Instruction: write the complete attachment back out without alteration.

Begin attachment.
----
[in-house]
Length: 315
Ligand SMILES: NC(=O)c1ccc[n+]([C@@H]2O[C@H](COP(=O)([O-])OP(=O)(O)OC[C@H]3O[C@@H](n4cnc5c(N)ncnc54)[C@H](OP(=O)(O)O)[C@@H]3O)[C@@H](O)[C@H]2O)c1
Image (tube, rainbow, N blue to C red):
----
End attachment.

[in-house]
Length: 315
Ligand SMILES: NC(=O)c1ccc[n+]([C@@H]2O[C@H](COP(=O)([O-])OP(=O)(O)OC[C@H]3O[C@@H](n4cnc5c(N)ncnc54)[C@H](OP(=O)(O)O)[C@@H]3O)[C@@H](O)[C@H]2O)c1
Image (tube, rainbow, N blue to C red):